In The Language of New Media, Manovich analyzes the “continuities between computer interfaces and older culture forms, language, and conventions” and repeatedly iterates that the evolution of the computer originated from a tool for work to a tool used to produce cultural content that is representative of a “universal media machine.”
I believe that there is a strong equivalent between new media and literature. Manovich stresses that new media is capable of transparently merging with mental processes, is a model of the world and the human experience, and exhibited what was once private to the public sphere. What was unique became mass-produced, what was hidden in an individual’s mind becomes shared. It is true that there is a difference in evolution and interfacing techniques between new media and literary representation, however, each media is an important one that should be thoroughly considered. This evolution of personal and cultural exchange was introduced when the printing press was created and books where mass distributed.
The mass production, access, and the reuse of existing media objects and the creation of new media objects is an interesting reflection of American culture. The abundance of media, which Manovich discusses, has assisted in the evolution of our society by intruding seemingly endless amounts of products to purchase. The extreme marketing within American culture consists of various methods of individualization resulting in immense amount of options and discarded materials. Even though marketing studies have show that our culture is extremely brand loyal, we yearn to have choices – limitless choices – to maintain a sense of individuality. Along with new media, these marketed cultural objects are dependent on choice, variation, and development that are constantly morphing what was old into something new.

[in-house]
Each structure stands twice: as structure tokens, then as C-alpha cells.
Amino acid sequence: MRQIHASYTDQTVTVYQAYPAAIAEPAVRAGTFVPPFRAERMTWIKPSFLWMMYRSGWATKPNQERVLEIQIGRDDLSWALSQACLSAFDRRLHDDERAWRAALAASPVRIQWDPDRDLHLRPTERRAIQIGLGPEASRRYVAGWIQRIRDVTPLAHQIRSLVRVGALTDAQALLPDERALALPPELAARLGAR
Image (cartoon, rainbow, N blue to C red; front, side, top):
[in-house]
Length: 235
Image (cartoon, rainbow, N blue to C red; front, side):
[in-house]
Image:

As an artist, I am interested in the repetition of images, sound, the reduplication of objects that create anesthetized affects on our mind and emotions, and how that reflects our culture and creates a dialog with other images. All media has developed a way of organizing cultural information. Each representation is distinct and is created as a means to record the human memory, the human experience, and illustrates how we exchange social and cultural information. The reading encourages me to visualize the affects of media on the consciousness and how repetition and methods of thought has developed media. Repetition of human action and learning provides comfort and uniformity. Generally, human activity requires the same few basic functions – similar tools and demands with in individual programs and work situations – that become methodical and easy to use. This is an interesting concept that I would like to research further and implement into my work.
Read the entire paper on Manovich’s, “The Language of New Media”, (manovich_soriano.pdf, 68kb)